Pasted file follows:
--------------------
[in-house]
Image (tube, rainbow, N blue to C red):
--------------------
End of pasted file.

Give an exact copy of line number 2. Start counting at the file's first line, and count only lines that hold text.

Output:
Image (tube, rainbow, N blue to C red):